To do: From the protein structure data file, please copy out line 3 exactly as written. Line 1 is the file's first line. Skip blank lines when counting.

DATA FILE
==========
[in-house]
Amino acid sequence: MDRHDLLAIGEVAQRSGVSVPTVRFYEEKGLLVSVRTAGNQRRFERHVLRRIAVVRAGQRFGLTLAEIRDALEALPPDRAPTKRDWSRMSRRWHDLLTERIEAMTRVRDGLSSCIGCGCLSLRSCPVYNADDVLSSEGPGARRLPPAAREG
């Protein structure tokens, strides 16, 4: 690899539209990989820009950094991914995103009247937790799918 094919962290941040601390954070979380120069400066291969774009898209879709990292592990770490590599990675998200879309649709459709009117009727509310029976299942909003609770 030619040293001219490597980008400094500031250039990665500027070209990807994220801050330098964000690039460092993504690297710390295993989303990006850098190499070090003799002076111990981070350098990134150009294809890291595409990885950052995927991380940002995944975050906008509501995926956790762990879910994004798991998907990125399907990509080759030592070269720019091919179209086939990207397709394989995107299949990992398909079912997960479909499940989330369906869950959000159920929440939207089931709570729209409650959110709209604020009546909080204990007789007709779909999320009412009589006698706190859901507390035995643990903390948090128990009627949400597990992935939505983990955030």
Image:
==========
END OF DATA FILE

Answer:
């Protein structure tokens, strides 16, 4: 690899539209990989820009950094991914995103009247937790799918 094919962290941040601390954070979380120069400066291969774009898209879709990292592990770490590599990675998200879309649709459709009117009727509310029976299942909003609770 030619040293001219490597980008400094500031250039990665500027070209990807994220801050330098964000690039460092993504690297710390295993989303990006850098190499070090003799002076111990981070350098990134150009294809890291595409990885950052995927991380940002995944975050906008509501995926956790762990879910994004798991998907990125399907990509080759030592070269720019091919179209086939990207397709394989995107299949990992398909079912997960479909499940989330369906869950959000159920929440939207089931709570729209409650959110709209604020009546909080204990007789007709779909999320009412009589006698706190859901507390035995643990903390948090128990009627949400597990992935939505983990955030």